• Fishing reel: A fishing reel that is the right kind for their fishing rod. You can find this at most sporting goods stores as well.
  • Bait: You need bait that is appropriate for the type of fish you are trying to catch. You can find this information online or at your local bait shop.
  • The Right Clothing: Make sure that the clothing is comfortable, appropriate for the weather, and loose-fitting.
  • A fishing vest: these are very handy to hold all sorts of things like hooks, sinkers, leader, line, lures, etc. 
  • Fishing hats: You need fishing hats to protect them from the sun.
  • Sunscreen: Sunscreen protects their skin from the sun. Bug spray to keep the bugs away.
  • First Aid Kit: You never know when you might need it. Always have a first aid kit with you for minor injuries. 
  • Cooler: You need a cooler to store the fish in after you catch them.
  • Fishing net: A fishing net will make it easier to “land” the fish you catch as you try getting them out of the water.
  • Camera: You want a camera to take pictures of the big catch. Your cell phone camera will do as well.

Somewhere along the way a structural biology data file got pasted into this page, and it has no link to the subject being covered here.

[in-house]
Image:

• Fishing license: Fishing licenses for everyone in your party. You can usually get these at your local bait shop or online. Some states allow kids to fish under the license of an adult who is with them. Check your local regulations.

Now that you have all of the gear you need, it’s time to head out and enjoy some quality time with your kids. Take your time, relax, and enjoy the teaching and personal learning as your adventure unfolds.

What Are Some of the Fish Species You May Catch?

When we lived in southern Utah, Mark and his friends often went fishing at Sand Hollow Reservoir. It is considered one of the best large-mouth bass fisheries west of the Mississippi. There were other lakes nearby that had various types of trout. Mark told me he’s fished for bluegill and sun perch, catfish, small-mouth bass, northern pike, white bass, crappie, walleye, and others.